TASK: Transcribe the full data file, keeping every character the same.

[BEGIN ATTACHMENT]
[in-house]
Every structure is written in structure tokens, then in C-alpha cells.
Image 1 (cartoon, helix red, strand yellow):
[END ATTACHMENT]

[in-house]
Every structure is written in structure tokens, then in C-alpha cells.
Image 1 (cartoon, helix red, strand yellow):